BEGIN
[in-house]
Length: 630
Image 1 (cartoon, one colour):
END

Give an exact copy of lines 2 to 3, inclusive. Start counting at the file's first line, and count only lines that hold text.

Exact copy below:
Length: 630
Image 1 (cartoon, one colour):